“It was so nice that he took the time to encourage me. That gave me more belief that I could do it. When I saw him at the (England) game he came straight up to me and said, ‘Look at you now, you are an international’. He made a little joke, he made a bit of a fuss and told me I was doing well. The fact that he remembered that he had messaged me and was nice enough to mention it again when we met… that is something I will hold onto forever.
“The England players treated us with respect.”
Jones counts England and Tottenham’s Maddison among his friends. They both remain in a WhatsApp group of former Coventry players and are in regular contact, although Maddison’s ankle injury will prevent a reunion on the pitch on Friday.
“He is a good guy,” says Jones. “I say that to everyone. Some people might see him as arrogant. But when you know him, you understand that he just believes in his ability. He backs himself. He is confident. Without that, I don’t think he would be where he is now. I still don’t think I have seen anyone with a better first touch than him, which takes him into another position — it might take him past a player; it might give him space for a shot.”
Even without Maddison, it will be an uphill task for Jones’ side. Malta is a country with a population of about 500,000. In comparison, Nottingham, where Jones plays, is home to around 350,000. But despite their underdog status, Malta are steadily becoming competitive.
In June they were only narrowly beaten 1-0 by Ukraine, they lost by the same score to Ireland in November and drew 2-2 with Greece in the same week. Last year, they notched up wins over Azerbaijan (1-0), Kuwait (2-0), San Marino (1-0 and 2-0) and Israel (2-1). They have lost all seven games in qualifying Group C but, while a win over England is unlikely, Jones sees hope for the longer term.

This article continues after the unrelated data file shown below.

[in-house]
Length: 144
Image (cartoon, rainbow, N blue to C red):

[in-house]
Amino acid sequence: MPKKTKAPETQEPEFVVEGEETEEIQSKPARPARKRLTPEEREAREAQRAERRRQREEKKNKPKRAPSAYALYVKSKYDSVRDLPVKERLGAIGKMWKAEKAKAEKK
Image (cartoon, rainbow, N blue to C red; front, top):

“When you look at us, Malta is not the biggest nation. People automatically think we might not be very good,” says Jones. “We have showed that we can win games. We just try to make it difficult for the opposition. But on the other side, when we attack, we believe that we can hurt teams. I play up top and I believe I can drop off and make something happen.
“In my wildest dreams, I believe I can score against England.”
Jones will have a special reason for wanting to do so. At Wembley, he will be supported by most of his family, including his elderly grandmother, Irene, who is part-Maltese.
“It’s going to be a very special,” says Jones. “She stays up to watch the Football League (highlights) show to watch out for me. But she is old, so it is hard for her to get to many games. I would not want her to put herself through it. But this is a once-in-a-lifetime opportunity and having her there will make it something special for me.
“My biggest aim in life is to make my family proud, because they have supported me through all the bad times and the good. They have watched me grow from being the little kid who just loved football; who supported Arsenal. I am always excited for myself, but this will give my little brothers and my children something to look up to. It shows them that, if you put your mind to something, it can be achieved.
“I do support England. But this will be a little bit different. When you are playing, everything else goes out the window. When people talk about having problems off the pitch — when you are on it, playing, it can take all your worries away. It is such a beautiful place to be.”
(Top photo: Matthew Mirabelli/AFP via Getty Images)